At the Terminal Operations Conference in Lisbon (19-21 June, 2001), Kalmar Industries formally announced the launch of its latest container handling product, the revolutionary Shuttle Carrier, designed to meet the high-speed requirements of those terminals now gearing up to handle post-Panamax ships of 6,000 to 12,000TEU.
The Shuttle Carrier, which has been developed in close co-operation with the leading Belgian stevedoring company, Hessenatie, is now being actively marketed by Kalmar to other ports and terminal operators that are looking to build or upgrade their facilities.
Hessenatie is pioneering the development of a completely new container handling system for use at its planned MSC-Hessenatie automated terminal on the left bank of the River Scheldt in Antwerp. The system is based on a new concept, the centrepiece of which is the Shuttle Carrier. The aim is to achieve extremely high levels of productivity by making ship-to-shore crane cycle times independent of the availability of transfer vehicles.
Hessenatie has selected the new concept of OBCs (overhead bridge cranes) for its import and export stacks and needed a fast method of transferring containers between the ship and the stacks. The traditional solution would have been terminal tractors but Hessenatie felt that these were inefficient for the style of operation it envisaged. In trying to achieve the required handling rates, it anticipated considerable quayside congestion or crane delays. The new Shuttle Carrier developed by Kalmar offers the perfect solution for Hessenatie's problem.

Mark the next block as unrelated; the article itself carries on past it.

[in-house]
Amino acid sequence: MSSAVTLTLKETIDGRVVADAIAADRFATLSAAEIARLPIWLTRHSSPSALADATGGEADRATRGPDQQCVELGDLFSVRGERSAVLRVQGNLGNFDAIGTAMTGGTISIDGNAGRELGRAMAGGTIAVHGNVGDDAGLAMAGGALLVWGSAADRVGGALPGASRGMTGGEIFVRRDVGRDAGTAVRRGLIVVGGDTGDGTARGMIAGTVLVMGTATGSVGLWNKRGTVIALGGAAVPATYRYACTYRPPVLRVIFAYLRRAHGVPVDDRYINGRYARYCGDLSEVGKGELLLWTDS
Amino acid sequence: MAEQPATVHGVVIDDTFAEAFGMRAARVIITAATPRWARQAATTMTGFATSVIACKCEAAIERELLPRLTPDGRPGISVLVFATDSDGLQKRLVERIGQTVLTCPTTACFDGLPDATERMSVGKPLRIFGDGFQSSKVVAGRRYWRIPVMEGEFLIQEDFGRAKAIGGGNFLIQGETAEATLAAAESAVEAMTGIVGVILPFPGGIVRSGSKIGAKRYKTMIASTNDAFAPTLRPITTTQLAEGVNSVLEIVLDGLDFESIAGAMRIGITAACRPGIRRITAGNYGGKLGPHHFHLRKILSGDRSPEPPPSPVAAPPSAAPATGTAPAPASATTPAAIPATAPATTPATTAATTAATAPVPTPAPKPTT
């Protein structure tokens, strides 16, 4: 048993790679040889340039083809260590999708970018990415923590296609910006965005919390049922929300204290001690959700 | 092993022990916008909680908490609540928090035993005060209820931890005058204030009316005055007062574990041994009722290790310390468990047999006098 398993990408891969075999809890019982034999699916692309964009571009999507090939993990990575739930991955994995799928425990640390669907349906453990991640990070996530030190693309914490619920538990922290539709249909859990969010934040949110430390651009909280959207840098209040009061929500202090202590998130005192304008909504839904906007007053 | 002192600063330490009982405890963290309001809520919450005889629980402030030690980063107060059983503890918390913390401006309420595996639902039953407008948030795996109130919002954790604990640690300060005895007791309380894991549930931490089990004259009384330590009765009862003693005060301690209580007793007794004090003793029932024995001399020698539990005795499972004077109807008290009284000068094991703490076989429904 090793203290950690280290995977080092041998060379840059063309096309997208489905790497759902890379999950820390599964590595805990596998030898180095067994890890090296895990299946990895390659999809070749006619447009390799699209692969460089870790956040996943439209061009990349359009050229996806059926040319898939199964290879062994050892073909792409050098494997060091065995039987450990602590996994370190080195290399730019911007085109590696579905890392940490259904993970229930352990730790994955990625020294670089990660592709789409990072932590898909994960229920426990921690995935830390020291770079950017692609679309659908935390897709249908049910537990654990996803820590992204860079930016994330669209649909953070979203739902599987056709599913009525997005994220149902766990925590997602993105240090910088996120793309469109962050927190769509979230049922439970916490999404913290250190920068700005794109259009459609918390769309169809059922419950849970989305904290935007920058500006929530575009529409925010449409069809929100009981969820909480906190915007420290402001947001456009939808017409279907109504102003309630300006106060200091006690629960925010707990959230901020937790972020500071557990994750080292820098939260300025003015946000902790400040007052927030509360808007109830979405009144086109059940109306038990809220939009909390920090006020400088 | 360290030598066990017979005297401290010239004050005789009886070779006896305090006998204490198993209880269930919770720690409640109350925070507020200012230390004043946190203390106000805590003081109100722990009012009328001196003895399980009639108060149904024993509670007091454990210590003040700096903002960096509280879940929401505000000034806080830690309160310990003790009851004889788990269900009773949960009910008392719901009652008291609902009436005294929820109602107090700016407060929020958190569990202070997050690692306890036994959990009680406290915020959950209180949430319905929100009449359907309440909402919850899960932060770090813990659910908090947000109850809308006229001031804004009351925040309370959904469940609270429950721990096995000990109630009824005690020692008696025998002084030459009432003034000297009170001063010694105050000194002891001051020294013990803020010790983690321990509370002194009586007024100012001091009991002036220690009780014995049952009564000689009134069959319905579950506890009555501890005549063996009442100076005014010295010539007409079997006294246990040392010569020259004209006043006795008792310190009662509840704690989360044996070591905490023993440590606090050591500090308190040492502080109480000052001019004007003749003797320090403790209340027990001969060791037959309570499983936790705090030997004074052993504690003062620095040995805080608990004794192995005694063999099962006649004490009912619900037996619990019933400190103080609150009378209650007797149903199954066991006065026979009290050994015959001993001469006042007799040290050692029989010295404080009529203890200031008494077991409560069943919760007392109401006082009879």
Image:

The key to the concept is double buffering. The ship-to-shore cranes are able to place boxes directly onto the quay and do not have to wait for the Shuttle Carriers to arrive. Consequently the crane drivers can concentrate on trying to achieve maximum cycle times, maintaining a buffer of containers on the quayside.
Similarly, the stacking cranes work to and from buffer stacks and in theory, there should be no crane waiting time.
Since the Shuttle Carrier never needs to wait for the cranes, either on the quay or next to the stacks, it is able to provide the required operational speed and complete a high number of cycles per hour between the ship and stack.
Hessenatie has been testing the concept at its terminal in the Delwaide Dock. During the test period, the Shuttle Carrier has been transporting and stacking containers with excellent reliability and has achieved impressive cycle times.Today, after extensive trials, it is able to perform all of the operational functions required of it.
The Kalmar Shuttle Carrier can be described as a smaller, simpler version of Kalmar's proven straddle carrier design.Since it is only able to stack two-high, its construction is lightweight, resulting in higher acceleration, braking and running speeds.A lower centre of gravity also enables it to achieve higher cornering speeds safely, making it easy for the operator to manoeuvre. RMGs and RTGs
AlthoughtheHessenatieapplicationinvolvesoverhead bridge cranes, Kalmar pointsoutthatthe Shuttle Carrier is also able to work between the quay and stack areas served by either RMGs or RTGs (rubber-tyred gantry cranes).
Also for terminals planning to upgrade their existing facilities with yard cranes, the Shuttle Carrier option should be considered, says the company.